'The Playboy Club': PTC still hasn't seen it, still against it
The show, which features Amber Heard, Naturi Naughton and Laura Benanti, focuses on the lives of the famed Bunnies as well as clientele of the original Playboy Club in 1960s. The Playboy Club was a nightclub started by Playboy magazine founder Hugh Hefner in its then headquarters of Chicago.
When discussing PTC's unease, Director of Communications and Public Education Melissa Henson acknowledged neither she nor anyone at the PTC has seen anything of the show beyond the commercials. "NBC isn't eager to share that with us," she tells Zap2it.
NBC, which just started show production, has already spent time quelling concerns about the program. At the May upfronts, NBC's entertainment chairman Bob Greenblatt told media buyers the show will be "tame compared to what you'd see on 'Jersey Shore.'" But this explanation did little to soothe Salt Lake City's NBC affiliate which announced in June it would not air the period drama. KSL is owned by Bonneville International Corporate, a wholly-owned subsidiary of the Church of Jesus Christ of Latter Day Saints. Within days, Salt Lake City's MyNetworkTV affiliate agreed to pick up the series.
According to Henson, the PTC campaign has gained little traction. Outside of the KSL withdrawal, which predated the PTC letter, no additional stations have expressed any interest in pulling the show. The PTC letter also asked station owners to cease airing "The Playboy Club" promos before 10 pm.
UPDATE: In a statement, NBC countered concern about the show with, "The content of 'The Playboy Club' will be consistent with broadcast network standards and the show will carry an appropriate rating."
For the full text of the PTC letter, see below.
July 25, 2011
Dear Sir or Madam:
About 200,000 Americans are "porn addicts" - meaning they spend 11 hours or more per week looking at pornography. Forty percent of sex addicts lose their spouses, 58% suffer financial losses, one third lose their jobs. Pornography use increases the risk of marital infidelity by more than 300%. Fifty-six percent of divorce cases involved one person having an obsessive interest in pornography. Severe clinical depression is reported twice as frequently among pornography users as among non-users.
I call these statistics to your attention because I assume you must be unaware of how damaging the pornography industry is to our society, to our families, and to individuals. Otherwise, how on earth could you, in good conscience, agree to broadcast in your community a program that glorifies and glamorizes this insidious industry?
I am referring, of course, to NBC's plans to air "The Playboy Club" this fall and am writing to urge you, on behalf of the Parents Television Council's 1.3 million members, to preempt the program in your community.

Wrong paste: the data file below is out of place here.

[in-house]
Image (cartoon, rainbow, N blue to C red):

The PTC has received from its members a number of canned responses from NBC affiliates across the country, praising the upcoming series as "a sophisticated series about the transitional times of the early 1960s and the complex lives of a group of working-class women."
Putting a veneer of sophistication on an industry that exploits women and destroys families is not laudable, it is disgraceful. In what manner does such the airing of such material reconcile with your public interest obligations as a broadcast licensee? Whatever positive spin you may wish to put on the series, it is undeniably a betrayal of the trust you have built over the years with America 's families - the owners of the broadcast airwaves that you will be using to force this content into the living rooms of every family in your community.
According to Shelley Lubben, founder of the Pink Cross Foundation, an organization dedicated to helping victims of the pornography industry, "What's shown in The Playboy Club is not real...The series looks like it's all cute, taking place back in the old days. It seems harmless, but then they show a quick clip of three people going at it in the bathroom. NBC is breaking the law with this show. They're not meeting FCC standards."
If you proceed with plans to air this series in your community, be assured that the Parents Television Council will be carefully reviewing every episode and will urge its members to file complaints with the Federal Communications Commission about any content that may be in violation of broadcast decency laws.
Please be mindful that it is the affiliate, not the network, that will ultimately bear the financial burden of an FCC fine should any of the content be found to violate broadcast decency laws.
In a recent declaratory ruling, the FCC affirmed affiliates' ability to pre-empt any network programming that is "unsatisfactory or unsuitable or contrary to the public interest." The record on this is clear: contracts between networks and their affiliates may not legally prevent preemption of programming that does not meet LOCAL COMMUNITY standards. As a station manager you not only have a right, but an obligation to preempt programs like The Playboy Club that fail to meet that standard.
Utah NBC affiliate KSL has already announced that it would not be showing The Playboy Club, stating that the station's values are "completely inconsistent with the Playboy brand."
Is the Playboy brand consistent with your station's values? Broadcast stations are required by law to take into account the public interest. How does this program serve the public interest? Would members of your community agree?
We are also disturbed by the number of promos for The Playboy Club airing during ostensibly family-friendly programs like America's Got Talent which air early in the evening. This is inexcusable. There can be no possible justification for exposing children to this kind of content, even inside a network promotion. We insist that you immediately stop airing promos or advertisement for The Playboy Club before 10:00 p.m.
Timothy F. Winter, President
Parents Television Council